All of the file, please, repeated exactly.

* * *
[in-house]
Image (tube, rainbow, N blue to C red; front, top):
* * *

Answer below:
[in-house]
Image (tube, rainbow, N blue to C red; front, top):